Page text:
Suffering God

Watch the video of today’s Good Friday service here. The Gospel reading and sermon start at about 25 minutes and continue for a total of about 25 minutes. If you want to hear me sing, you can also skip to about 1 hour and 18 minutes, as I lead the singing of “Sing, my tongue, the glorious battle”.

Today is Good Friday on which we commemorate the suffering and death of Christ, the Son of God. Part of what is so remarkable, even shocking, is that it is not just Jesus the man who suffers and dies, but God the Son who suffers and dies.

From the moment of his incarnation, separating out the second person of the Trinity into human form, God began to experience life as a human. This reaches a climax on the cross, when the evil and darkness of this world crashes into the Son of God. It is the whole person of Jesus – with both his human and his divine natures – who suffers and dies on the cross – not just the human Jesus.

  1. Christ experiences the sins of all the world – past, present and future – falling upon him, leaving him feeling dirty, tainted, defiled. No wonder he says, “I thirst”.
  2. Christ experiences sin’s separation from God – an ocean of sin distancing him from the Father with whom he had already existed for eternity. No wonder he says, “My God, my God, why have you forsaken me”.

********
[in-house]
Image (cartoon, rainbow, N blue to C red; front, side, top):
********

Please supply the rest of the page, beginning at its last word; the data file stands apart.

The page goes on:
3. Christ experiences the surprise of human love, and the ways in which compassion between people brings God into our midst. Thus he says to his mother, “Woman, here is your son” and to his beloved disciple, “Here is your mother”.
  4. Christ experiences the grace of God, able to transform the darkest and most painful into a moment of salvation and glory. Thus he is able to say, “It is finished!”
  5. Christ experiences death – the loss of life, the loss of this world, the loss of self. John writes poetically, “He bowed his head and gave up his spirit”.

As much as we might want to end today’s story with a ‘Happy Easter’, scripture does not permit this. We have to end with the darkness that covers that earth as the Son of God’s light and life is snuffed out. And we wait in silence and hope for his resurrection.

Featured image from: https://media.swncdn.com/cms/CW/30914-cross-5-facebook.jpg

At the Foot of the Cross

Click here to listen to the audio recording of this 10-minute message. Or watch the YouTube video below, or read the text that follows.